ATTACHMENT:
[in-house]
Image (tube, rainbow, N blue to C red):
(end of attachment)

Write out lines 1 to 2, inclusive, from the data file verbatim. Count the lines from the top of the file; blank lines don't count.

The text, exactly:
[in-house]
Image (tube, rainbow, N blue to C red):